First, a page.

August LGBTQ Music: Gay Christian Music, a Glance at ’80s Pop, and Saxophones in Queer Time

Angel Olsen, who came out as gay in April, has a new ep, "Aisles."
Dana Trippe

At a time when Lil Nas X is dominating the music industry, other LGBTQ music artists are also coming out with new music in the month of August.

Queer Norwegian saxophonist Bendik Giske is debuting an album inspired by “queer time,” Semler is reaching new heights as a LGBTQ artist in Christian music, and Angel Olsen is introducing a new ep on August 20. Below we have an overview of the latest offerings by these out music artists.

“Preacher’s Kid” by Semler

Semler introduced their NPR Tiny Desk performance with “I’m Semler, and I make Christian music about being gay.” The queer, non-binary singer made history this year when their “Preacher’s Kid” ep topped iTunes’ Christian chart, becoming the first out LGBTQ artist ever to do so. Swearing, acknowledging a fondness for weed, and singing about homophobia and religious trauma aren’t particularly challenging for a typical indie folk artist, but “Preacher’s Kid” is full of anger at a community she grew up in while still finding comfort in faith.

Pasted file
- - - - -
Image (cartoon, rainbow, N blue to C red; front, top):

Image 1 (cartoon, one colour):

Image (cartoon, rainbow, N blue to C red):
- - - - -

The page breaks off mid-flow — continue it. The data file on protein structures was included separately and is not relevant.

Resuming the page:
Semler, under her real name Grace Baldridge, hosted a YouTube series about LGBTQ people and Christianity for Refinery29. The episode about the flaws of the Christian music industry helped inspire “Preacher’s Kid.” On “Jesus From Texas,” she sings “I find it easier to believe in Bigfoot than God, because he does no harm,” with the chorus running “I’ll spend the rest of my life tearing down/the Jesus from Texas you believe in.” Semler, whose father is indeed an Episcopal preacher, addresses the repression of their sexuality in very personal terms. Without mentioning gender, “Chicken” describes their teenage attraction to a female friend, which ended after getting caught by adults. “Youth Camp” looks back at the same period and goes even further, recalling furtive sexual experiences at Christian camp while asking God “if you’re out there, I’m waiting.” The outro “Promised Land” finally takes a more hopeful view of Christianity, singing “I don’t know who you think I am/I belong in the promised land.”

The ep is rough and homemade, with subtle overdubs of their own backing vocals and keyboards. Samples of keys being shaken open and close it.  They left in takes where their voice strains as long as it suited the song’s emotions. The lo-fi sound of “Preacher’s Kid” may stem from financial necessity, but it enhances the music’s pull. So does the specific, personal tone of the lyrics. “Preacher’s Kid” has the impact of a brief collection of short stories.

Semler“Preacher’s Kid” | PK Records 

“Aisles” by Angel Olsen